Fig. 1
figure1

Workflows of data analysis executed by FluConvert and IniFlu. The stepwise processes performed by FluConvert and IniFlu to identify novel signatures of emerging influenza viruses with increasing risk are described as follows. Step 1: Viral sequences are obtained from the three databases (NCBI-IVD, GISAID-EpiFlu, and IRD). Step 2: FluConvert rearranges viral strains by viral nomenclature and ensures data quality. Viral sequences are further sorted into eight gene segments and translated into amino acid sequences. Step 3: The module FluCS of IniFlu performs strain-based alignments of FluConvert-processed viral amino sequences. The module FluCG of IniFlu regroups viral strains with epidemiological significant and computes a consensus sequence for each subgroup. Finally, the subgroup-specific unique polygenic amino acid signatures can be simultaneously identified (see details in Fig. 3)

FluConvert: a tool to process downloaded sequences

FluConvert automatically processes downloaded sequence files (*.FASTA) using the command-line interface (CLI) by batch (shell) scripts operated in a Microsoft Windows environment. It consequently performs (1) name and quality checking for downloaded sequences, (2) separation of sequences into eight gene segments, (3) multiple alignment of DNA sequences within clusters, (4) translation of DNA sequences into three possible polypeptides from ORF 0, + 1, and + 2, and (5) multiple alignment of amino acid sequences within clusters. The functions of FluConvert are to unify the arrangement of genetic information and then to convert nucleotide sequences of cDNA to amino acid sequences for multiple alignment at the protein level.

Arrangement and quality checking for downloaded sequences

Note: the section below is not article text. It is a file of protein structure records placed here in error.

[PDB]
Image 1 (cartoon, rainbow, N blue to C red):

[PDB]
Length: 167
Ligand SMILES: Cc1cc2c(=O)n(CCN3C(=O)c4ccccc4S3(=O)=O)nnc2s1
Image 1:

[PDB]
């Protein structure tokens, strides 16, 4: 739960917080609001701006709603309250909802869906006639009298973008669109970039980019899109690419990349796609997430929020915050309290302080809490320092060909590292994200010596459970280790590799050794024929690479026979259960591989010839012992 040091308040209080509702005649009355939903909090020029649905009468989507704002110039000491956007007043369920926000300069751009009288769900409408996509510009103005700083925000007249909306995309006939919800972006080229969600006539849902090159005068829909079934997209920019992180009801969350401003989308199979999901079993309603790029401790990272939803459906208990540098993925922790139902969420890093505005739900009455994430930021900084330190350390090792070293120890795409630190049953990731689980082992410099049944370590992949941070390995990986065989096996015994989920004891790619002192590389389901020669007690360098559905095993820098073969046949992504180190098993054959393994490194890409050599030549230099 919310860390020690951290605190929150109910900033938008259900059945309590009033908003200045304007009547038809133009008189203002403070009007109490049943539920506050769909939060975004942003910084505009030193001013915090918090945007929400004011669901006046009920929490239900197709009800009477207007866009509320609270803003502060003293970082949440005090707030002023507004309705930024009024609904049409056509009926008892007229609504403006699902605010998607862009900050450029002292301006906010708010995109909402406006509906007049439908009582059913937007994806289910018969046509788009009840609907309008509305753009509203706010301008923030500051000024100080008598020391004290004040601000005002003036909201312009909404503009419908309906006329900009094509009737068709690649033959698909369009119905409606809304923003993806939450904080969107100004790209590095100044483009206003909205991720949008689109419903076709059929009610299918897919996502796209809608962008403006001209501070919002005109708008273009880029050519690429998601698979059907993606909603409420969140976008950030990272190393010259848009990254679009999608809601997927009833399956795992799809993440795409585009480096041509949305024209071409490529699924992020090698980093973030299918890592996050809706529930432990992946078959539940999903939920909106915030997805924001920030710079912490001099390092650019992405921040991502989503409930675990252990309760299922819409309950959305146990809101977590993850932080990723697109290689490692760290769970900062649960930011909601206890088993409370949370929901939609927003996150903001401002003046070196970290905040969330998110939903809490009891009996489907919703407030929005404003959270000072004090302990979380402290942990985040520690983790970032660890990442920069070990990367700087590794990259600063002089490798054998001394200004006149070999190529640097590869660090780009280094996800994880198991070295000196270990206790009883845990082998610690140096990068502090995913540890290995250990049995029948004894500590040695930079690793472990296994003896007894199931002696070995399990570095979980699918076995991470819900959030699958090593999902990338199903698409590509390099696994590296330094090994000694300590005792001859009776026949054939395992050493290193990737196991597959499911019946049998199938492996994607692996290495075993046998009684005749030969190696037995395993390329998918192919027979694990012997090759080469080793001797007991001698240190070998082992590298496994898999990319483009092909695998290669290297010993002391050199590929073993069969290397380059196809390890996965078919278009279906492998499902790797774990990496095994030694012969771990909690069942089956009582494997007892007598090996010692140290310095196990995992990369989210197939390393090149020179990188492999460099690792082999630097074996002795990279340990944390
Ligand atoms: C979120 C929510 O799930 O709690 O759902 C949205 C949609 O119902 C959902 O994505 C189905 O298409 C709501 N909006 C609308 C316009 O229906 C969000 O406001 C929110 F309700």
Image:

All sequences downloaded from the NCBI-IVD and the GISAID-EpiFlu databases are rearranged according to the standard influenza viral nomenclature in the order of type, host, region, strain, year, and subtype within the parentheses [10]. Secondly, rearranged sequences are inspected, and the gene segments are deleted when they met any conditions in the “excluding list” generated for quality checking. Entries retrieved from NCBI-IVD and GISAID-EpiFlu databases were deleted according to “excluding list” to remove duplicates, incomplete sequences, or those with error information. Downloaded entries that are later saved to FluSeed Dataset have never been modified or corrected for any purposes. This is to ensure that the information remains original and the features of genetic sequences are kept unaltered during FluConvert processing. The three major error conditions of viral sequence information are: (1) lacking complete viral nomenclature, having mixed subtypes, belonging to lab strains or showing errata in public database records, (2) finding duplicate sequence records in any of the public databases, and (3) sequences longer than the expected lengths for different segments (e.g. PB1 > 2500 bp, PB2 > 2500 bp, PA > 2400 bp, HA > 1900 bp, NP > 1700 bp, NA > 1600 bp, M > 1150 bp, and NS > 1050 bp), or having redundant sequences or those containing more than 60 unknown nucleotides (denoted as ‘n’). Finally, all the sequences that had passed the excluding list’s quality check without entering the excluding list were used to create a new dataset called the “FluSeed Dataset” and subjected to IniFlu analysis.